In this interview, we spoke to Professor Ermias Kebreab about his latest research into methane emissions and how, by feeding cows seaweed, we could potentially reduce them.
Please could you introduce yourself, tell us about your background within animal science, and what inspired your latest research?
I am Ermias Kebreab, a Professor of Animal Science, UC Davis. Originally from Eritrea with education in the UK and work experience in Canada before joining UC Davis.
I have been working on the methane issue for the last 20 years but it became more ‘fashionable’ in the last 5-10 years due to its contribution to climate change. The latest research was inspired by a publication that showed almost complete elimination of methane when seaweed was added to chopped grass in the lab.
Methane is the second-largest contributor to climate change. How are methane emissions released into the atmosphere and why is it such a powerful greenhouse gas?
Methane is released from cows burping up methane mostly as well as from anaerobically stored manure such as in a lagoon in dairy farms. Methane is 30 to 80 times more effective in trapping heat from the atmosphere compared to CO2, therefore, it makes it much more potent as a greenhouse gas.
However, methane is a short-lived climate pollutant, meaning only lasts in the atmosphere for a decade or so before it is broken down to CO2.
Image Credit: 06photo/Shutterstock.com
What is meant by the term ‘enteric fermentation’ and how does this create methane emissions?
Ruminants have 4 chambers in their stomach and in the first chamber (rumen) millions of bacteria break down fiber and other feed to release energy to the animal. The by-product of that process releases hydrogen which is utilized by other microbes (methanogens) as a source of energy and their by-product is methane. This is then belched or burped out by the animal constantly throughout the day. This is what we call ‘enteric fermentation’.
Your latest research investigated seaweed's potential. Seaweed has also recently featured in a lot of other research surrounding climate change. Why is seaweed such a good alternative?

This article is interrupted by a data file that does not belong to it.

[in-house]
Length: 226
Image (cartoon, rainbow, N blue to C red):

Some seaweed has active ingredients that can directly inhibit microbes in the cow's gut from forming methane without interfering with food digestion. This inhibition results in up to 98% reduction of methane and an increase in feed conversion efficiency (i.e. more product per unit of feed consumed). Other seaweeds can also be used as an alternative feed source which could replace crops that may have greater greenhouse gas emissions when cultivated.
Changing a cow's diet to seaweed has proven to be a great option in reducing overall methane emissions but it does come with some drawbacks. Can you describe some of these and how has your latest research overcame them?
To reduce methane emissions the cow’s diet is not changed. We simply add less than 100 g of seaweed to the diet to reduce emissions. One of the drawbacks is that we need to make sure we do not add too much seaweed as the animals may not like the taste.
One way to overcome this is to use seaweed that has a higher concentration of the active ingredient so only a little amount is added and the animals will not notice it.
Can you describe how you carried out your latest research into red seaweed and methane emissions? What did you discover?
In our latest research, we found that the seaweed was able to reduce methane emissions by up to 82% compared to control animals. But the effectiveness depends on what they are eating. When they eat mostly grass the reduction is about 50-60% and when they eat mostly grains it goes up to over 80%.